Review: Simon Boccanegra, English Touring Opera, Snape, April 19th

Simon Boccanegra was a failure at its first performance in 1857 but Verdi and Boito, his brilliant librettist of Othello and Falstaff, produced a successful revision in 1881 that has established its place in the repertory.

The plot is certainly complex but the characterisation and the music are of the highest quality and in a typically thoughtful programme note (in an equally good programme) director James Conway explained his reasons for setting the action in post - World War Two Italy.

The sombre, uneasy opening, with its air of shifting alliances and long held grievances was perfectly captured by the orchestra under Michael Rosewell and Grant Doyle (Paolo) and Piotr Lempa (Pietro) sustained the tension as they plotted in the gloom. Keel Watson as Fiesco was in fine voice, both in his lamenting solo and his angry first confrontation with Boccanegra. This duet was splendidly delivered with Craig Smith a touching father, recalling his lost daughter.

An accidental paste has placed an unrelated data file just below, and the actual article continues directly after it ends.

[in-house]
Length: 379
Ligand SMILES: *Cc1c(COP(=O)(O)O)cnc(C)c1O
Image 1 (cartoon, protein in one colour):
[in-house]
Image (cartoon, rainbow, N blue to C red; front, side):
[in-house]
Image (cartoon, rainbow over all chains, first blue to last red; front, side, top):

Both Elizabeth Llewellyn (Amelia) and Charne Rochford as her lover Adorno, had some moments of insecurity but Amelia’s duet with Boccanegra as he realises that he has found his daughter had a thrilling ardour. The finale of Act 1 (dating entirely from Boito’s revision) built to a gripping climax as Boccanegra imperiously forces a seething Paolo into cursing himself. Act two had many fine moments, notably the final trio in which all the singers revelled in the heroic music.

The tension and quality was sustained throughout the final act, Craig Smith managing his decline with a mixture of dignity and despair, Fiesco noble and forgiving as they make peace and Adorno and Amelia joyous at the prospects before them.

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Simon Boccanegra makes heavy demands all round but it is overwhelmingly worthwhile, particularly when delivered with the intelligence and commitment displayed here.

ETO return in the Autumn with Monteverdi, Cavalli and Handel and next Spring with Mozart, Britten and Tippett. They are one of Britain’s artistic heroes and deserve our continued support.

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Gareth Jones

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